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Pfizer Tuesday announced it expects to earn $36 billion in revenue this year from its COVID vaccine — an increase from the previous estimate of $33.5 billion.
Pfizer’s COVID vaccine, developed with BioNTech, has quickly become the highest-selling drug in the world. During an earnings call, Pfizer CEO Albert Bourla said the vaccine contributed $13 billion in revenue during the third quarter alone, bringing total revenue this year to $24.3 billion.
Pfizer said its profit margin on the vaccine, before taxes and after splitting profit with BioNTech, is the “high 20s,” which means vaccine profits could approach $10 billion just for Pfizer this year.
The sales estimate for 2021 is equivalent to roughly 80% of what Pfizer believes the rest of its business will earn in 2021.
The company forecasted $29 billion in sales in 2022, based on 1.7 billion doses committed to purchasing contracts. Pfizer said it will manufacture up to 4 billion doses next year, meaning there are 2.3 billion doses it could still sell, Axios reported.
Pfizer shares rose by more than 4% in early Tuesday trading on news of the earnings numbers.
In the U.S. and Europe, Pfizer has benefited from having the first vaccine cleared for booster doses and for use in younger adolescents and children. According to the company, its average market share as of Oct. 31 was 74% in the U.S. and 80% in Europe, up from 56% and 70%, respectively, in April.
Pfizer’s advantage could increase as the U.S. Food and Drug Administration (FDA) recently authorized the vaccine for use in children between 5 and 11 years old.
The earnings call occurred the same day advisers to the Centers for Disease Control and Prevention (CDC) met to discuss giving the Pfizer-BioNTech COVID vaccine to children ages 5 to 11.
The CDC’s vaccine advisory panel unanimously recommended Pfizer’s COVID vaccine on Tuesday for children 5 to 11, despite concerns raised during the meeting about Pfizer’s clinical data, the fact that children who previously acquired natural immunity to COVID were included in clinical trials and evidence showing COVID poses little risk to children.
CDC Director Dr. Rochelle Walensky signed off on the decision late Tuesday and children ages 5 through 11 could start receiving COVID vaccines as early as today.
Pfizer sponsors ads on news networks
As The Defender reported Nov. 2, analysts in the advertising industry believe a bolstered marketing push will follow now that the FDA has granted full approval to a Pfizer COVID vaccine under the name Comirnaty.
Pfizer’s goal may be long-term in scope: If annual or semi-annual COVID boosters become a reality, Pfizer may be gearing up to place its name ahead of the competition.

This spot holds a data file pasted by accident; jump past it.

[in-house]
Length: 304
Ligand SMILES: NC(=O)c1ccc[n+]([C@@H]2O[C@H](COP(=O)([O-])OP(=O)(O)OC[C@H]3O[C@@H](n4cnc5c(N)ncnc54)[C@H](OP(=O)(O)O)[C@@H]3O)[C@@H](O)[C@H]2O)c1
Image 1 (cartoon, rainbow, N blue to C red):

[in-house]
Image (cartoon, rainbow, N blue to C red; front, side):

According to Pfizer’s most recent quarterly report, for the second quarter of 2021, there was a 10% increase in “SI&A expenses,” which include marketing and advertising, for the first half of 2021, as compared to the same period in 2020, when there was no COVID vaccine available.
By “sponsoring” television newscasts and information programs, Pfizer may be intending to do more than merely increase vaccination rates: They may wish to influence news coverage by these media, skewing such coverage in their favor in any number of ways.
Recent examples where Pfizer has sponsored prominent television news and information programs on American television include the following:
“Good Μorning America is brought to you by Pfizer.”
“CBS HealthWatch, sponsored by Pfizer.”
“Anderson Cooper 360°, brought to you by Pfizer.”
“ABC News Nightline, brought to you by Pfizer.”
“CNN Tonight, brought to you by Pfizer.”
Well, this is totally normal and not at all a conflict of interest pic.twitter.com/4MKm0VozBC
— Whitney Webb (@_whitneywebb) October 19, 2021
As recently highlighted by the Wall Street Journal, Pfizer — and other pharmaceutical companies — have not restricted their sponsorship campaign to news show segments and paid tweets.
In a recent segment on his online talk show, commentator and comedian Jimmy Dore ran off a list of recent headlines published by CNBC.com, presenting Pfizer in a positive light.
Dore capped the segment off by presenting a recent tweet posted on CNBC’s official Twitter account, again portraying Pfizer in glowing terms, accompanied by the text: “paid post for Pfizer.”
Moreover, by not advertising their vaccines by name, Pfizer-BioNTech and other drugmakers are not obliged, under current regulations, to rattle off a list of potential side effects associated with the vaccine, which would certainly do those companies no favors in the face of widespread vaccine hesitancy and criticism.